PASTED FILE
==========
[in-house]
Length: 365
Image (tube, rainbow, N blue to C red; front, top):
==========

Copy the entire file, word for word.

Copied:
[in-house]
Length: 365
Image (tube, rainbow, N blue to C red; front, top):